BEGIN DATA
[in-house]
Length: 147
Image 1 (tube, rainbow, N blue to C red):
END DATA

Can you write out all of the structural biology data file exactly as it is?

[in-house]
Length: 147
Image 1 (tube, rainbow, N blue to C red):